BEVERLY HILLS, Calif. (AP) — Glenn Close couldn’t help but think of her mother at Sunday’s Golden Globes when she won best actress in a film drama for playing a woman forced into the shadows by her husband’s success in “The Wife.”
Through tears, Close noted her mother’s similarities with her character in the film, who sets aside her own writing career to help her husband win a Nobel Prize in literature.
“I’m thinking of my mom, who really sublimated herself to my father her whole life,” the 71-year-old Close said in an emotional speech, “and in her 80s, she said to me: ‘I feel like I haven’t accomplished anything,’ and it was so not right.”
Close will now have to wait and see whether she’ll get her seventh Academy Award nomination, and whether she’ll finally win one.
Most Read Entertainment Stories
- That magic moment 30 years ago when Nirvana and ‘Nevermind’ forever changed Seattle
- Delayed Van Gogh show gets a new opening date in Seattle
- The mystery of the missing Van Gogh show: Seattle ticket holders' frustration grows
- 'East of the Mountains' review: Tom Skerritt shines as an ill man journeying home from Seattle
- Joie Des Livres brings life and culture to Seabrook, a tiny, new Olympic Peninsula beach town
Backstage, Close said her mother had an artistic mind but married when she was 18, never went to college and started having children very early. While she raised the family, her husband became a successful surgeon.
“She always said, ‘I made a vow and I’m going to stay in this,’ but I can’t say that it was fulfilling for her for all the potential she had,” Close said. “I hold her in my heart. I’m very moved to get this award for this particularly story for her sake.”
Close said during her speech that the marginalization of women the film illustrates was evident in the fact that it floundered so long before reaching the screen.
“It was called ‘The Wife,’ I think that’s why it took 14 years to get made,” Close said to laughs from members of the audience, who then gave her a standing ovation after she pointed out that women may be nurturers, but “we have to find personal fulfillment.”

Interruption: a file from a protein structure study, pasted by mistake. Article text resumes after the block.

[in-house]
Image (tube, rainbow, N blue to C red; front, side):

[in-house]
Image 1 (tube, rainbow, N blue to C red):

“We have to follow our dreams. We have to say ‘I can do that and I should be allowed to do that,'” she said.
Close did just that. When she was little, she noted that she felt just as strongly about acting as Muhammad Ali did about boxing.
“I was destined to be an actress. I saw the early Disney films and Hayley Mills and I said, ‘I can do that,'” Close said. “It will have been 45 years in September that I am a working actress and I cannot imagine a more wonderful life.”
Close, who previously won two Globes for television acting roles, appeared genuinely shocked when her name was called. She edged out the other actresses in the category, Lady Gaga (“A Star is Born”), Nicole Kidman (“Destroyer”), Melissa McCarthy (“Can You Ever Forgive Me”) and Rosamund Pike (“A Private War”).
Where Close’s speech drew tears from the audience, the other speech for best actress in a leading role had them howling at the honesty and blunt language.
Olivia Colman, who won for best actress in a movie musical or comedy for her role as a weepy Queen Anne in “The Favourite,” said she’d like to tell everyone how much the film means to her but she was too excited to remember.
“I had a (expletive) blast,” she said. “I went on a private jet and I ate constantly throughout the film. It was brilliant.”
Colman, 44, said “thank you for the sandwiches” and thanked “my bitches,” referring to her co-stars Emma Stone and Rachel Weisz, who were nominated and lost for best supporting actress.
Also nominated in Colman’s category were Emily Blunt (“Mary Poppins Returns”), Elsie Fisher (“Eighth Grade”), Charlize Theron (“Tully”), and Constance Wu (“Crazy Rich Asians.”)
The best supporting actress award to Regina King for her role in “If Beale Street Could Talk.”
Like Close, the 47-year-old King used her speech to draw attention to the all-too-often back seats women take in Hollywood and beyond.
She urged employers across the country to hire more women and pledged that anything she produces in the next two years will be made by 50 percent women.
“Time’s up times two,” King said.